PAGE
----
Boston Ballet rolls out mostly terrific ‘Balanchine/Robbins’
Coming right off the heels of “Bella Figura,” Boston Ballet leaps into a four-work program of American ballet masters George Balanchine and Jerome Robbins.
It seems like every week this spring there’s another dance performance. Coming right off the heels of “Bella Figura,” Boston Ballet leaps into their season finale with a four-work program of American ballet masters George Balanchine and Jerome Robbins.
Balanchine’s “Divertimento No. 15,” set to Mozart, opens the show with patterns and lines that are synonymous with the Balanchine style. The piece includes ensemble and solo sections, but was not the strongest performance on opening night. James Whiteside stands out among the rest in this performance, but the men in general seemed out of sync — perhaps exhausted from a non-stop spring schedule.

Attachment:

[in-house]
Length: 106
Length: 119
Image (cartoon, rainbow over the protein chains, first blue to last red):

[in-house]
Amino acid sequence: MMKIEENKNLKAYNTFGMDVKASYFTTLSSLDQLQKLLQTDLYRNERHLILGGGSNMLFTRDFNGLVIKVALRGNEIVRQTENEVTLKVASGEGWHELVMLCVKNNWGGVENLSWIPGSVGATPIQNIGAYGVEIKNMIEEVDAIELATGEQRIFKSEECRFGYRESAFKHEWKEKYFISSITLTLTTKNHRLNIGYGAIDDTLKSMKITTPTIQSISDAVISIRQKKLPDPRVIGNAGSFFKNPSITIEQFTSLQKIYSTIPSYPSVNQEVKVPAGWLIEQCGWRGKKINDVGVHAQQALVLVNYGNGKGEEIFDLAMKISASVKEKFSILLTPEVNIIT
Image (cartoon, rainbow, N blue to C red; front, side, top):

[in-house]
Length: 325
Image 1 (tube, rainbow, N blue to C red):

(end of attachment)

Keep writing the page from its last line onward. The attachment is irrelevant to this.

“Afternoon of a Faun” is infamously known for its Nijinsky choreography, but this interpretation by Robbins is exquisite — taking the faun out of the forest and into the dance studio. Sabi Varga and Whitney Jensen admire their own reflections in the mirror in this stripped down version. It is a delicate, modern take on the narcissistic theme Nijinsky intended.
The third work of the night, “Antique Epigraphs” showcases eight women in soft-colored long chiffon dresses. Another Robbins piece, “Epigraphs” has never been performed outside of New York City Ballet. Consider it a treat — it’s a rare work that the women of Boston Ballet execute with ease.
Lastly, Balanchine’s “Symphony in Three Movements” is a chorographical masterpiece. Dancers in simple dark leotards commandeer the stage. Lia Cirio bursts onstage in bright pink with confidence and power leading Rie Ichikawa and Misa Kuranaga. This ballet at the end of the program embraces what makes Boston Ballet a great ballet company — technique, talent and staging.
Boston Ballet presents
Tomorrow through Sunday
The Opera House
539 Washington St., Boston